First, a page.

My dear Jo,

The world is still turning, after yesterday’s assault – it snows with rare, small, icy flakes, and it is cold. It helps to look up, at the gray clouds and the columns of thick smoke, waving in the wind like the sails of a ship.

Only five of us survived. We ran scattered and now we’re camped around a small fire. The assault failed, but the enemy was bled so hard that they are barely regrouping, let alone able to launch a counter attack.

But it was grand.

I was there when Darius zeroed in the nuclear strike on Saynshand. I was watching him through my scope, as he prepared the laser pointer, I saw him run from the explosion and I saw him thrown to the ground by the first wave. I was the one who picked him up and dragged him through the intense heat, to the red cross tent, and I couldn’t help but watch that incredibly powerful phenomenon, over my shoulder.

I told you all that, because yesterday, the same thing happened – one can say a million times how wrong, cruel, damned, immoral, or infamous war is: the truth is that the sight and feeling of war are simply miraculous, worth everything. I was just standing breathless, as the storm was raging by me. My ears were bleeding of the waves of shattering blasts, my left arm was still sore and bandaged, and there were fires popping all over and shrapnels and stray bullets, and the sky was lit up with burning aircraft, like two infinite swarms of locusts battling above the Armageddon field. And the field itself, as wide as Moscow, stretching to the edge of the horizon, at that particular stage of battle where no human mind can encompass the war in a strategy, when pockets form on the battle line – and that line itself is no longer a line, but a diffuse zone with countless small engagements intertwined.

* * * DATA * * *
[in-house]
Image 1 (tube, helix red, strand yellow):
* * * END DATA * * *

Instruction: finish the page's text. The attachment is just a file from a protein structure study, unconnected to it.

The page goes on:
I was hidden in the Zyemhlinskaya tower, on the 8th floor, amid rubble and torn walls – from there, I shot down three field captains and a brigade general. Then I took one last glance at the marvel of mankind’s hate and greatness and then I ran to the lower floor and rappelled to the ground, just before the upper floors were napalmed by bombers.

As orders came to retreat, I called the captain and he didn’t answer – then I saw „Tzarina” Lenya, our machine gunner sgt. limping in desperation, with a torn leg – I bandaged her wounds as well as I could and dragged her away from the path of the battle tide. We met at call sign „Markov” safe house and continued to run.

While I was running, I thought of you. We did good, even if we lost. I thought – Jo is safe for now and I am still alive to fight another day, for her. And that’s all that matters. And perhaps you will find it disturbing and sinful that you have become the cause that drives me through this mayhem, but one needs a cause, even for killing – why should that not be the same as the cause I live for?

My beautiful Jo, this war will be over and I will be scarred and you will be sad and wild; and much of what was will be gone, even as memory – we both will have traded the beautiful past for something else, to survive, nothing more. But there will be love, still, as the hard, enduring seed of a flower that, in its gentleness, is vulnerable to the charring bomb shells. When the fires quell, the seed opens and sprouts new roots and new blooming petals. My Jo – I will never stop loving you.

I looked at the frozen battlefield this morning, just as the sun was rising. It is a sight to make every soul shiver, every mortal mind tremble. There’s not much left of Moscow, but I don’t think there ever was a greater moment in its existence. I’ll hold this image in my mind and I’ll oppose it to Mother Theresa’s words: „In this life we cannot do great things. We can only do small things with great love.„. I’ll try to live by this, one small letter, one word, one memory at a time.

I love you, Jo.

Ivan Luluben
Posted January 25th
To Joconde Abraham